"[With] 'Friends,' it was just great chemistry," Perry said, trying to explain the iconic show's success at the Television Critics Association Summer Press Tour on Tuesday. "It had great writing, it had great directing, it had really great acting -- a little bit of magic happened there. You never know when that’s going to happen, you just want to surround yourself with funny, talented people, which we definitely did here."
Silveri created the show and always had Perry in mind. "Writing for him back then [on 'Friends'] was a joy because we have a lot of overlap in our sensibilities," he explained. "It was always very easy to write for [Chandler], now we get to do it with different subject matter that we never could’ve done on 'Friends.'"
When asked what he considers the best role he's ever had, Perry had a typically witty response. "It’d just be stupid to not say this one," he said. "But that is potentially true about this part, because I get to do a bunch of things all at one time. I really like doing comedy and I really like doing drama … It’s a really funny show but one of the scenes in this show gave me one of the biggest challenges I’ve ever had dramatically." He then quipped: "It’s either this or 'The Whole Ten Yards' ..."
"Go On" focuses on Perry's character, a sportscaster who is forced to go to group therapy to deal with his issues after the death of his wife. The show certainly has similarities with "Community" thanks to its quirky ensemble cast, and the HuffPost TV team was generally positive about the pilot during our first impression viewing.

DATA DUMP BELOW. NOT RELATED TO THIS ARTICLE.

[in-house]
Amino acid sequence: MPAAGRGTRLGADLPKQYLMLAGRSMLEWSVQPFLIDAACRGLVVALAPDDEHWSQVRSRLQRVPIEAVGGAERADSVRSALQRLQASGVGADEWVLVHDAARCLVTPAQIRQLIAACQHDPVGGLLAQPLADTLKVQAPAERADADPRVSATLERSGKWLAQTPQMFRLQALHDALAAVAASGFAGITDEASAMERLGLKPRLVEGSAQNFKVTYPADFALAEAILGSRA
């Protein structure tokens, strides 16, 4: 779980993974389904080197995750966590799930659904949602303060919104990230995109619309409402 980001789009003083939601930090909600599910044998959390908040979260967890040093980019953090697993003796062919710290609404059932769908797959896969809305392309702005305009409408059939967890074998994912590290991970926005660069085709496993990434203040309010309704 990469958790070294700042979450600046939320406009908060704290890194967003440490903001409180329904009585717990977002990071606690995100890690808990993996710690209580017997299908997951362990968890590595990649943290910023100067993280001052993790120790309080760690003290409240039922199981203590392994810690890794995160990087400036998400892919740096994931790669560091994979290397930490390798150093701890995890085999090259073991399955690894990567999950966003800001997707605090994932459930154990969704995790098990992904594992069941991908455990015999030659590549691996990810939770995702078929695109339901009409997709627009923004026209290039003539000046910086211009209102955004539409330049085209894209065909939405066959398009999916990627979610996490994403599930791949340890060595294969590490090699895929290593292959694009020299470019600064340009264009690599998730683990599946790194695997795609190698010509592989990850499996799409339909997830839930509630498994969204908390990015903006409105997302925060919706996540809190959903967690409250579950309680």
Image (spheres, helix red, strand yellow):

Though the main character will deal with overcoming his grief, the writers want to avoid making the show too dark and depressing.
"We’re not writing a show about grief, we’re writing a show about people moving on and getting better," Silveri said. "People are going through all kinds of change in the group –- from the loss of a spouse, to a lady whose cat died. They find some commonality together. It’s not so much exploring that grief as it is coming together and moving on. The worst thing that could happen to [Matt's character] happens, and he picks himself back up and puts himself back together and, in so doing, becomes a better person."
A sneak peek of the "Go On" pilot will air August 8, before it makes its timeslot premiere on Tues., Sept. 11, 9 p.m. ET on NBC.
Earlier on HuffPost:
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